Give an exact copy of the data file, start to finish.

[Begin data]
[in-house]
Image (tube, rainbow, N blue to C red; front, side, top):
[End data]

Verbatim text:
[in-house]
Image (tube, rainbow, N blue to C red; front, side, top):